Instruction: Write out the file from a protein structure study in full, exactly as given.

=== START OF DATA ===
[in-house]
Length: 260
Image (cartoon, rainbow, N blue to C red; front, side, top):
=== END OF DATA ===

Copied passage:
[in-house]
Length: 260
Image (cartoon, rainbow, N blue to C red; front, side, top):